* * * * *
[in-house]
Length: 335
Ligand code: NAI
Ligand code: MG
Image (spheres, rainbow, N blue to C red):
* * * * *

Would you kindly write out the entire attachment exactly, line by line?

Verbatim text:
[in-house]
Length: 335
Ligand code: NAI
Ligand code: MG
Image (spheres, rainbow, N blue to C red):